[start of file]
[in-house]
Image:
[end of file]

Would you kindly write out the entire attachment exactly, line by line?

[in-house]
Image: